by Mohammad Anas Dhorajiwala & Aastha Sheth SVKM’s Pravin Gandhi College of Law, Mumbai University
Every year on November 26th, we commemorate Constitution Day to be reminded of how wonderful our Constitution is and how it took the greatest minds in our country 2 years, 11 months, and 18 days to complete this sacred (living) document. The constitution is the best teacher. Additionally, the 75th anniversary of the Universal Declaration of Human Rights is approaching (human rights day). Dignity, Freedom, and Justice for All is this year’s theme.
When talking about Dignity, Freedom, and Justice for all it is crucial to keep in mind Our Roots, Our Native Tribes, and Our Culture? What do we do to protect them, their culture, and their heritage? Is there a need to do so? This blog hopes to shed light on the particular point at issue.
For this we need to reflect back on history to understand this.
Four massive sculptures representing the faces of the four U.S. Presidents have been carved into the southeast face of Mount Rushmore in South Dakota’s Black Hills National Forest. Around two million tourists visit Mount Rushmore’s hills each year but are unaware of the history behind it. The Lakota Sioux, a native tribe, called this granite formation Tunkasila Sakpe Paha, or Six Grandfathers Mountain before it became known as Mount Rushmore.
The Great Plains’ Native population regarded it as a place of worship. For their tribe, it served as the center of the universe. The US government signed the Fort Laramie Treaty in the late 1800s, which granted the tribes exclusive use of the hills. However, after a decade, gold was discovered in the area, and the US violated the treaty by taking over the land and carving faces into it. While they continue to oppose what they see as illegal U.S. possession of their ancestral lands, many Native Americans view Mount Rushmore as a desecration of the land.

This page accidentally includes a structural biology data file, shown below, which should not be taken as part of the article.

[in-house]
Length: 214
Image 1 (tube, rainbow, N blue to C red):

The first people of Australia, also referred to as Aboriginal Australians, have inhabited the continent for over 50,000 years.
‘Aboriginals have a special connection with everything that is natural. Aboriginals see themselves as part of nature… All things on earth we see as part human. It is true that people who belong to a particular area are really part of that area and if that area is destroyed they are also destroyed.’
Aboriginal peoples have had their land taken from them ever since the British first invaded. The legal precept governing British and later Australian law regarding Aboriginal land was known as “terra nullius” until it was finally overturned in 1992 in the Mabo Case which marked the recognition of the existence of Aboriginals for the first time. It was believed that because the land was vacant when the British arrived, it belonged to no one and could be legitimately taken over.
During much of the 20th century, outright killings were replaced with a policy of removal. To completely eradicate all traces of Aboriginal culture and language, white families took Aboriginal children from their parents and placed them in missionary schools.
Most Indigenous children in Canada were forcibly removed from their families and sent to boarding schools for many years. Many of them never went back. According to reports, a mass grave on the grounds of a former residential school is home to the remains of 215 children.
What is the Burden of the White Man?
The White Man’s Burden is a previously asserted duty by white people to manage the affairs of nonwhite people whom they perceived to be less developed.
Here’s an example: Previously, Hindus and Muslims were educated through Pathsala and Madrassa, respectively, but the arrival of the British created a new place of learning, namely Missionaries. To rule in India, they planned to educate a small section of the upper and middle classes in order to create a class that was “Indian in blood and color but English in taste,” acting as interpreters between the government and the masses. This was also referred to as the “downward filtration theory.” This led to the withering away of the natives.